The studio for an artist is the fundamental place, the cave from which his creation originates, the maternal utero to which he returns and from which he is reborn. High, low, old or new, shared or solitary studies. The studio is the mirror of the artist, a place that can tell us something more about his work.
According to Daniel Buren, it is in the studio that works of art should be seen, and not in a museum or a gallery, which, not being designed to host a work of art in particular, neutralize and distort each work. Only within the studio the artist is allowed to be himself and dirt to prevail over cleanliness, and to chaos to shape matter.
Among contemporary artists, Lucas Samaras was the first to exhibit his studio in public, transferring it entirely from New Jersey to rebuild it inside the Green Gallery in New York. The work, entitled Room # 1, dates back to 1964 and shows, as frozen, the place that has been his bedroom and studio for 14 years. In this small 6 x 13 feet room (less than 2 meters x 4) there are paintings, sculptures, personal objects, his bed, his clothes, his books, sketches and personal reflections. For Samaras, the work is configured as a sort of huge sculpture, an autobiographical collage that contains the essence of the artist, his present and his past. On sale for $ 17,000, Room # 1 remained unsold, but marked a capital moment in the history of art.
Samaras’ act fits fully into the reflection on space that began in the late 1950s, early 1960s. Within a few years, art has gone from creating an “invisible unicum”, as Yves Klein defines the performance / event Le vide brought to the Galerie Iris Clert in Paris in 1958, to Le plein by Arman, exhibited in 1960 in the same gallery. A few years later the installations by Dan Flavin, Andy Warhol and Carl Andre carry on the consequences of the reflections on the exhibition space born with Duchamp in 1938 with 1200 sacs de charbon and Sixteen Miles of Strings in 1942.
Other precedents of Samaras’ act are Merzbau, the inhabited studios of Schwitters, the first of which was completed, or better abandoned, in 1937, and Bed by Rauschenberg, the 1955 combine painting exhibited vertically on a wall of the Charles Egan Gallery in New York.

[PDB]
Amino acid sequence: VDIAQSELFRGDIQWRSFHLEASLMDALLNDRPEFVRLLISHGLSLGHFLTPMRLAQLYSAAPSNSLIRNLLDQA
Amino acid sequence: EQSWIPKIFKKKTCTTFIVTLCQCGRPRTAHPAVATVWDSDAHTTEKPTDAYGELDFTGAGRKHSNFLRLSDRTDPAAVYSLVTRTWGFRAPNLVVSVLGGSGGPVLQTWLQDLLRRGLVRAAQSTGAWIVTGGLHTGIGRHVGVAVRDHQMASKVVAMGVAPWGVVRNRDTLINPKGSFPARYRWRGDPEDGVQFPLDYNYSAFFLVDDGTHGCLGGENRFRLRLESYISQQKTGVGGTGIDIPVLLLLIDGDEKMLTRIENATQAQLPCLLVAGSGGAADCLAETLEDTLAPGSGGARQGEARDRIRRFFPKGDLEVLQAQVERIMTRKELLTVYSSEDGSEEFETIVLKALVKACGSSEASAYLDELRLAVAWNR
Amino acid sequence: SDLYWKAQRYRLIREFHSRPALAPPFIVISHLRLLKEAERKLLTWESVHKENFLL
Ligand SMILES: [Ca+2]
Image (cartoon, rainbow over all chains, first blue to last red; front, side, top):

In the Samaras studio exhibition, the reflection on the space started in those years focuses on a particular place, the one inhabited by the artist, which is made to coincide here with the exhibition space. Samaras will declare that he has made with Room # 1 the most personal gesture that an artist can make, which shows the totality of the artist in the most complete way. In Samaras’ room / studio, in fact, it is possible to find everything that has given shape to the artist along with what he experiences daily. A portrait of the artist without the artist, a trace of his passage, of his way of changing things and environments. A portrait of his presence in his absence, the presentation of private elements in a public place. Samaras’s messy room refuses to consider any object contained in it private, first of all his bed, which will be followed by other beds in art history, from the unmade one by Felix Gonzales-Torres to the devastated one by Tracy Emin, up to the sofas by Franz West.
Just in those same years, between 1967 and 68, Lowell Nesbitt visited the studios of his artist friends, including Claes Oldenburg and Louise Nevelson, to represent them in photos and subsequently on canvas, convinced that ateliers were “portraits of the artists in to which there were neither faces nor bodies. ” Spaces that open inside, very personal, which normally cannot be accessed. Curiously, the very fact of depicting a too personal place, far from the historical-allegorical representation of the painting then in vogue, caused Courbet the exclusion from the Universal Exhibition of Paris of 1855 of the painting that represents his atelier, an exclusion that has given origin, as is known, to the opening by the painter of Pavilion of Realism. And Samaras’ gesture also has to do with reality, presented without embellishments and brought directly to the field as a large object trouvé, together with the denial of the gallery’s clean and neutral space as a white cube.
In Samaras’ work there is a fusion between art and life, that is represented without veils. Almost all his artistic career is introspective, autobiographical and self-referential: from the first self-portraits painted, to the polaroids, to Photo-Transformations of the Seventies, the presence of the artist is the leit motif of his work, which makes us enter his studio- bedroom as much as in his small kitchen with a checkered floor, and which makes Room # 1 a self-portrait of Samaras of those years.
Lucas Samaras, Room #1, 1964 © 2020 Lucas Samaras
Lucas Samaras, Auto Polaroid, 1969-71, Twelve black and white instant prints (Polapan), 24.1 × 62.9 cm, MOMA, Gift of Robert and Gayle Greenhill © 2020 Lucas Samaras
Lucas Samaras, Untitled, Sept. 6, 1978, Color instant print (Polaroid Polacolor) 24.2 × 19 cm, MOMA, Gift of Robert and Gayle Greenhill © 2020 Lucas Samaras
Erika Lacava, degree in Aesthetic Philosophy at the State University in Milan with a specialization in Visual cultures and curatorial practices at the Brera Academy. From 2014 to 2017 with the experience of Zoia – Contemporary Art Gallery she comes into direct contact with the dynamics of scouting and the art market. Independent curator, collaborator for printed and online art magazines, in 2019 she founded the communication and services start-up for art M2F Communication.